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Injecting Advice

Harm Reduction Practice

Injecting Without Drugs

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What do you do when someone come into an NSP who isn’t injecting drugs, this week I’d like to talk a bit about someone I recently saw who has a different reason for injecting.

Risk Reduction for Sex Workers

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Sex work can be a challenging line of business! First off, if you’re fortunate enough to make it through the barrage of opinion that tells you you’re in need of rescuing or rehabilitating, well done! Secondly, getting good risk reduction information in the face of punitive, contradictory laws can be really tough, however the purpose of this article is to provide a basic outline of helpful information geared at improving the general safety and well-being of (mostly) street based sex workers. Some of the information will be applicable to anyone working in the industry who is selling sex for money.

Snapping Needles

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This isn’t an article about needles accidentally snapping, but instead the idea of deliberately snapping a pin after use to prevent it from ever being usable as a form of harm reduction.

Stop And Search

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I spoke to someone recently who had had his freshly collected new injecting equipment taken off him during a stop and search by police, he wasn’t charged with anything, and he wasn’t given any paperwork. This isn’t the first time I’ve heard of this happening and it’s wrong.

Emergency Needles

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I’ve got a bit of a bee in my bonnet at the moment (for any of you that have met me, I’m sure that mental image is a great one). This happens a lot, I get very focused on one area of advice and hammer it home in everyone I see. This week it’s convincing people to take enough needles, and making sure they have spare.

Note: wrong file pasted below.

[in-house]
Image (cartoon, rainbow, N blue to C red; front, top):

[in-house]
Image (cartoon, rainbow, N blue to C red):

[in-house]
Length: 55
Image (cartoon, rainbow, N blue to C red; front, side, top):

Using Real Names

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I’m going to talk today about the idea of using a full name and date of birth for needle programme clients. You see, I think we should use peoples real names. I think there are some very good reasons why we should, and they are mostly for the benefit of the client.

Increasing Returns

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OK let’s get one thing straight before we start. I’m not obsessive about returns and I don’t think needle programmes should be as focused on them as most seem to be, but we live in the real world. A world where people become really angry when someone dumps used works near their home/school/shop/park.

Competing Priorities

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Working in a needle programme can be psychologically a difficult job for some people, but attending an exchange is also a difficult situation for our clients, we have to try and understand the competing priorities both groups face. In a perfect world the advice that workers give would be instantly taken to heart by injectors […]

Really Bad Injecting

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I’m quite a liberal NSP worker at heart; I’m happy to work with people to support them to get to where they want to be, how they want and at their own pace. That of course doesn’t mean I don’t do my best to get people thinking about reducing or stopping, but if they are going to inject I’ll work with them to do it as safely as possible. But today was one of those very rare times that I say to someone, “Look mate, just stop injecting”.

An Unusual Exchange

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Occasionally someone will come though an exchange with injecting issues that don’t fit into any ‘standard’ drug training. The person I saw last week had issues that challenged my background in drug services, mental health services and expectations.
 

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